International March for Elephants 2013. Say No to Ivory!

October 17, 2013 11:45 am


Friday the 4th of October marks World Animal Day every year, when people all over the world celebrate animal life, bless their pets and livestock, and organise fundraising events and awareness drives. This October 4th was something of a big day in the history of wildlife conservation and animal protection as it was the day that thousands and thousands of people on every continent marched through the streets of their cities to shout out for the protection of the elephant.

Organised by the David Sheldrick Wildlife Trust, the International March for Elephants was made up of 15 official marches in cities across the globe, though on the day itself there were only 14 due to the devastating attacks in Nairobi, (which strangely enough have their own ties to the ivory trade Al Shabaab, the terrorist group that carried out the attacks, get a whopping 40% of their funding from the trade). As well as official marches in such major cities as Bangkok, London, Wellington and New York City, there were also a number of unofficial marches helping to raise awareness and show support of the cause.

Let me tell you a little about why the marches were taking place. The main reason for taking to the streets, petitioning and forcing world governments to take notice is to force a complete ban on the ivory trade. The problem of ivory, both legal and illegal depending on country, is an international one. Asia and Africa are the hotbeds of ivory production and consumption and in a number of countries, trading ivory is not illegal. And even if it is illegal, that doesn’t stop the trade. There are loopholes and large amounts of corruption. It is pushed underground, much the same as drugs. Elephants are being killed and butchered for their tusks and the trend is growing. As countries such as China grow economically, more and more people demand ivory products to show off their wealth or to bind themselves closer to their ancient traditions and culture. It is estimated that 36,000 elephants are killed each year. This includes animals in protected National Parks and wild elephants. The campaign that the David Sheldrick Wildlife Fund set up with iworry tells us that every 15 minutes an elephant dies.  Indeed, the slogan for the entire campaign is ‘One Every 15 Minutes’. One of the most shocking statements on the campaign site is that elephants in the wild could be extinct by 2025 if the level of slaughter carries on at the current rate. This is a sickeningly close date which most of us will see. 2025 is only 12 years away. Well before I am 40, wild elephants may no longer exist.


I have been a huge supporter of elephant conservation and the protection of one of the world’s best loved species since I was 19 and volunteered with a friend at the Elephant Nature Park in Chiang Mai, Thailand. We spent a month in the mountains of Northern Thailand taking care of the gentle giants and it was a real eye opener. We were taught how brutally elephants were trained to work, how they are treated and how we must try to change this through education. I lived in Thailand for two years and saw the banning of elephant begging (where elephants are taken around to tourist spots so that people can feed them for a small price) on the streets of C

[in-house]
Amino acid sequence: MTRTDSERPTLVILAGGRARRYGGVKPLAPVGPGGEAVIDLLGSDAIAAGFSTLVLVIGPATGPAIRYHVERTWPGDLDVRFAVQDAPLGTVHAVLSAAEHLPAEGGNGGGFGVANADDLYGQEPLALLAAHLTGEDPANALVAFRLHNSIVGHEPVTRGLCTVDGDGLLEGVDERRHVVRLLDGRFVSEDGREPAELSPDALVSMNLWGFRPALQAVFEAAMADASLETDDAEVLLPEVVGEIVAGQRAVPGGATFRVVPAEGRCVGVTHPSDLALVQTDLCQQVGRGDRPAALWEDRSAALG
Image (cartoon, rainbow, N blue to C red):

hiang Mai, and saw a number of small conservation projects pop up, including one set up by a friend of mine. It seems that steps are being taken in Thailand. But small steps are not enough.

When I was told in the Ministry of Natural Resources and Environment in Bangkok that the Thai government are currently drafting laws to make the sale of ivory illegal, I almost cried

. It was on the mo

rning of the International March for Elephants and I’d spent 12 hours in a mini bus travelling to the capital, so granted I was probably a little overly emotional anyway, but to be told that someone is listening, that governments recognise the problem of the ivory trade is phenomenal. For me, that seems to be a huge step, especially in a country built on traditions (which include the use of ivory) and a conflicting relationship with the elephant.

For me, marching through Bangkok with a number of high profile Thai celebrities, the well-known conservationist (and Elephant Nature Park founder) Lek Chailert, Thai

based Dutch conservationist Edwin Wiek and hundreds of people who want to save the elephant was extremely special. The atmosphere was absolutely electric. People were calling out in Thai and in English to ‘Stop Trading Ivory, Stop Killing Elephants!’ Many had signs in all different languages calling for people to stop buying ivory, to protect the elephant and to change the law. People on the street stopped to watch and learn about our cause. The press were there, people with their smart phones took photos and shared what they’d seen with the world and flyers and stickers were handed out to passers-by. Together with the other marches across the globe, we were a part of the biggest campaign for wildlife ever seen on this earth. Each country had its own celebrity supporters, each country educated millions about the illegal trade and the imminent death of the elephant. With the key role elephants play in each of our cultures, I hope our campaign grows, I hope the outrage grows and I hope that one day soon, before it’s too late, we can save the elephant.


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